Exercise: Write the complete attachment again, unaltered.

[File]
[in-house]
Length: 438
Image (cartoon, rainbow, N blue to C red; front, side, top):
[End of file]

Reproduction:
[in-house]
Length: 438
Image (cartoon, rainbow, N blue to C red; front, side, top):